Image supplied

Ageing: An exposé on what really causes us to show our age

Wouldn’t it be amazing if we all had a magic mirror and we aged perfectly?


Image supplied

Most people are seeking the secret to anti-ageing, but did you ever wonder how the skin actually ages or how you could slow the process down?

Ageing is a natural process accompanied by a continuous alteration of the body. Your body produces visible changes in its structure, function and vulnerability to environmental stress and disease. Genetics, as well as the lifestyle we lead, play a big role in the ageing process.

Your skin is an organ, and its function is to regulate the excretion of metabolic waste products, regulate the bodies temperature as well as containing receptors for pain, tactile sensation, and pressure. Therefore, the health and appearance of your skin, like the health of your other organs correspond with your lifestyle and dietary habits, as well as with age-related factors such as the imbalance of hormones.

What influences how we age?

Ageing of the skin can be influenced by many factors including ultraviolet radiation, excess alcohol consumption, tobacco abuse, and environmental pollution.

What a lot of people don’t realise is that as their body weight increases and their blood sugar levels rise, biochemical reactions interrupt the structural framework of their skin. With all these factors combined they lead to cumulative deterioration in the appearance of the skin as well as the function of the skin.

Within the skin ageing is associated with a loss of fibrous tissue, a slower rate of cellular renewal, and a reduced vascular and glandular network. The barrier function that maintains cellular hydration also becomes impaired. The subcutaneous tissue (known as the hypodermis or the third layer of the skin) flattens.

The rate at which these functions decline can be more than 50% by middle age depending upon one’s genetic makeup, lifestyle and normal physiological functions within the skin. If we don’t take action to support our skin’s intrinsic defence systems, the youthful qualities of our skin will deteriorate rapidly. Luckily for us, we can harness insights gathered through the latest scientific innovations and slow or potentially reverse the signs and symptoms of accelerated skin ageing.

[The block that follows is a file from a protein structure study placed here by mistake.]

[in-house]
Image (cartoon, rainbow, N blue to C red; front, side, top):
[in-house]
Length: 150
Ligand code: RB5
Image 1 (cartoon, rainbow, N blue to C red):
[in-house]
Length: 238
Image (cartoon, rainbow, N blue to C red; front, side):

The two main contributing factors involved in skin ageing


Intrinsic skin ageing is primarily determined by genetic factors, hormonal imbalances and metabolic reactions like oxidative stress. Signs of intrinsic ageing include skin sagging, thinning and cracking, and the appearance of fine lines and wrinkles.


There are numerous external factors that affect the skin and cause signs and symptoms of premature ageing. Generally, most premature ageing is caused by over-exposure to the sun’s UV rays. However, there are other contributing factors, for example, atmospheric factors such as air pollution, visible light and infrared radiation. Lifestyle choices such as smoking, chronic stress and excessive alcohol consumption can lead to older-looking skin.

The most common signs of extrinsic ageing are thinning of the skin, laxity, fragility and the increased appearance of wrinkles.

How do we combat skin ageing from the inside?

As the skin is a “visual” organ, the beauty industry’s main objective is to improve the appearance of skin with extensive topical treatments and products. However, often overlooked is the need to support the health and beauty of the skin from within.

Ideally one should centre their diet upon fruits, vegetables, whole grains, legumes, monounsaturated fats (like those found in olive oil), and a healthy ratio of omega-3 to omega-6 polyunsaturated fatty acids. Generally, consumption of shellfish, fish rich in omega 3 fatty acids, regular tea drinking, and greater consumption of fruits and vegetables have been known to be associated with improved skin health.